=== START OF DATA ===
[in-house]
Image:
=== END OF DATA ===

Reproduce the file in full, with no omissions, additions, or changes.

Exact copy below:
[in-house]
Image: